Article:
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BMC Proceedings

Open Access

Evaluation of sampling and quenching procedures for the analysis of intracellular metabolites in CHO suspension cells

BMC Proceedings20115(Suppl 8):P82

Published: 22 November 2011


Metabolomics, aiming at the quantification of all extracellular and intracellular metabolites, is a valuable tool for characterizing, understanding and manipulating the physiology of mammalian cells. While extracellular metabolite analysis is well established, required quenching and extraction procedures for intracellular metabolite analysis in mammalian suspension cells are not yet routinely available. In this study a simple sampling and quenching protocol using ice-cold 0.9% saline as quenching solution [1] was tested on CHO cells. Quenching efficiency, preservation of cell integrity as well as cell separation and the necessity of washing steps were evaluated and possible sources of error are discussed.

Materials and methods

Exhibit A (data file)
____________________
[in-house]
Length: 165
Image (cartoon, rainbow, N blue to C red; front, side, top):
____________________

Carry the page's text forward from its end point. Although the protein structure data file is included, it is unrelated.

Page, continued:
The antithrombin-III producing CHO cell line T-CHO-ATIII was cultivated in serum free CHO-S-SFM II medium (Gibco/Invitrogen, Carlsbad, CA, USA). Cells were kept in baffled shake flasks (Corning, Corning, NY, USA) in a shaking incubator (2 in. orbit, Innova 4230, New Brunswick Scientific, Edison, NJ, USA) at 37°C with a constant 5% (v/v) CO2 supply at 185 rpm. Quenching was performed by mixing 5 ml of cell suspension with 45 ml ice-cold 0.9% ice-cold saline as quenching solution (QS) [1]. Unless otherwise stated, sampling was done by centrifuging for 1 min at 1000g followed by shock-freezing of cell pellets in a CO2-acetone bath. Intracellular metabolites were extracted from freeze-dried cell pellets using ice-cold 50% acetonitrile [1]. Survival of the cells in the QS at 0°C was tested after sampling at different relative centrifugal forces (RCF, 1000g – 2000g – 3000g – 4000g). Cell number, viability and cell morphology of cells re-suspended in QS were checked during incubation at 0°C using an automated cell counter (Countess, Invitrogen, Karlsruhe, Germany). Carryover of extracellular metabolites from the culture medium was investigated without washing and after applying different washing strategies. Cell pellets were either re-suspended in 50 ml QS or rinsed with 50 ml QS followed by another centrifugation step. Cell numbers and extracellular metabolites were analysed and compared to the initial sample. Quenching efficiency at 0°C was investigated by measuring enzyme activity and by monitoring intracellular metabolite amounts at 0°C. Lactate dehydrogenase activity was determined in quenched cells (0°C) and in cells without quenching (37°C) after cell permeabilization with 0.05% Triton-X-100 [2]. Intracellular citrate, α-ketoglutarate, pyruvate, succinate, lactate and fumarate were quantified in cell extracts after incubation of quenched cell suspensions at 0°C for 0, 5 or 10 min.